It is not a matter of if the Cowboys are going to give coach Jason Garrett an extension, it's a matter of when the Cowboys will give Garrett an extension. How many years and how much money will be involved are concerns too, I guess, but coaching salaries don't get anyone hot and bothered.
What gets people worked up is whether or not a guy like Garrett should have the Cowboys gig despite some struggles with in-game management at various points of his coaching career. Jerry Jones does not share those concerns and believes if Garrett had been a free agent during the NFL hiring cycle, "he would've had five offers" from other teams.
"If Jason Garrett had been out on the market two weeks ago, he would've had five offers for head coaching. I know that," Jones said on his weekly appearance on "The Shan and RJ Show" on 105.3 The Fan in Dallas.
This is kind of an interesting claim. Initially it sounds a lot one of those crazy things that Jerry usually lobs out. Jason Garrett would be wanted by more than an eighth of the NFL if he was a free agent? Please.
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But if you look at the job openings ---- I don't think it's unreasonable to think there would be teams interested in him.
I would say he probably does not draw interest in either Green Bay or Cleveland. I can't see Garrett fitting with Baker Mayfield and the Packers clearly wanted to go younger (Garrett is only 52 however) and away from "established" offensive minds.
That leaves six jobs available, so Garrett would need to be hired by all but one team. I don't think it's crazy to think the Jets would be interested in Garrett. He would be perfect for that market, outside of the tabloids consistently making jokes about him clapping. And I can see the Jets convincing themselves he could work with Darnold. At the very least .
The Bengals, Cardinals and Dolphins all qualify as teams who would have to at least be interested in looking at Garrett. Whether or not they would make him an offer, well, that remains to be seen. But he's got a 56 percent win rate with Dallas, in a tough market, and has won two division titles in the last three years. Clubs struggling as much as those three would be insane not to at least interview and maybe try to hire him.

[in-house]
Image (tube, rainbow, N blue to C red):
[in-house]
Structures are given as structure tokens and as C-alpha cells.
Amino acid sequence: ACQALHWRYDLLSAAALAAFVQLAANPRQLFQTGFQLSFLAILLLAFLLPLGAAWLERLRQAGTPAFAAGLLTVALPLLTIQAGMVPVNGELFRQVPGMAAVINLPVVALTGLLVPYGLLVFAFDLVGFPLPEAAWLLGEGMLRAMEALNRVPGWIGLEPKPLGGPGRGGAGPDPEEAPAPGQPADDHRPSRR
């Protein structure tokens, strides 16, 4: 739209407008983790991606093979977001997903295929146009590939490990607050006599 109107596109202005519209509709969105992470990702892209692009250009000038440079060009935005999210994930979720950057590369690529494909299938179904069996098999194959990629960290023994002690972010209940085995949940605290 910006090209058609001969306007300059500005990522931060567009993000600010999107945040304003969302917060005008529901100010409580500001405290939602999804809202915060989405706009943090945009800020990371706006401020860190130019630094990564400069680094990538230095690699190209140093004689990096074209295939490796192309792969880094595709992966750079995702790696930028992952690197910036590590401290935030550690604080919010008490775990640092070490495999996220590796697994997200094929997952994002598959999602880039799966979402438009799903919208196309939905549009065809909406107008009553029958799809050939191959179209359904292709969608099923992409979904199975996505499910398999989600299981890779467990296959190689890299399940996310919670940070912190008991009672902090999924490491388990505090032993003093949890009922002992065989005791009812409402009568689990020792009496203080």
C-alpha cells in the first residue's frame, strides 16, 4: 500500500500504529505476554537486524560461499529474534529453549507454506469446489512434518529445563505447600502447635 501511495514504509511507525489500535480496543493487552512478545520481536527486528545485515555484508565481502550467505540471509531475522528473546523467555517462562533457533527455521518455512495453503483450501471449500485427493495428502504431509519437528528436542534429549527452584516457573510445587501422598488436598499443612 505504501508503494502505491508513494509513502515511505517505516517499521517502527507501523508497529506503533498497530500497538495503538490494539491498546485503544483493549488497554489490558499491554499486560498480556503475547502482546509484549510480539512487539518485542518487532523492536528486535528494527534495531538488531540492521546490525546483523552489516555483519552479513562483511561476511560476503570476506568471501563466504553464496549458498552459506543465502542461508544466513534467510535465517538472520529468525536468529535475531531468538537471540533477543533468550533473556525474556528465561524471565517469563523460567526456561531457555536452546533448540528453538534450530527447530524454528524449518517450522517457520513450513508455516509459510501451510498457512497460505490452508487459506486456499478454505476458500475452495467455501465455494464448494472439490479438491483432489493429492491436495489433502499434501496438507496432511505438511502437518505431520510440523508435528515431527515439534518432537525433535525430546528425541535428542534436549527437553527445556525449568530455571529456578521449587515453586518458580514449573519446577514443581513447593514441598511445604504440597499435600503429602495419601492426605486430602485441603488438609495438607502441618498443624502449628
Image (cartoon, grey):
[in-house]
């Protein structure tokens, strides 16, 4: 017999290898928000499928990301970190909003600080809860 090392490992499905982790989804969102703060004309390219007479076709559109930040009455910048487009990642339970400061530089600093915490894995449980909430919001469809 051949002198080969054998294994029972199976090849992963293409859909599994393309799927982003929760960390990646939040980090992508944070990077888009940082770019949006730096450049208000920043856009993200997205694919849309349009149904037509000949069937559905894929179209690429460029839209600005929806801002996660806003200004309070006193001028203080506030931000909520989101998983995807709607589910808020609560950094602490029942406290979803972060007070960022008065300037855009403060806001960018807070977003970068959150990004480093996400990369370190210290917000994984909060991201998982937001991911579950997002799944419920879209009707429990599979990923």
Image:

Let's go ahead and assume the same for the Broncos and Buccaneers too. Back-to-back losing seasons for John Elway's franchise equates to desperation and although Garrett doesn't fit the same mold as Vic Fangio, it would not be surprising if Elway went to another quarterback to help him, especially one who fits the mold of the type of coach (subservient) he would prefer. And in Tampa Bay, the Bucs went after an offensive mind (Bruce Arians) who had a lot of success in recent years. Both of those teams fit as a landing spot for Jason Garrett.
So, yeah, maybe Jerry is right. Maybe Jason Garrett, if he were let go by the Cowboys, would end up having a job pretty quickly and maybe he would end up having five teams fighting over his services. It seems crazy to think that Garrett, by and large dismissed by a lot of people as a head coach, would be so in demand.
Maybe it's a reflection on the state of coaching in the NFL. Maybe it's a reflection on how hard it is to be an NFL head coach.
Whatever the case, that line of thinking should make it pretty easy for the Cowboys owner to give him some absurd extension this offseason, paying Garrett something in the range of $50 million for the next five years, and maybe more. Life is good if you're the Cowboys coach, as long as you're winning football games.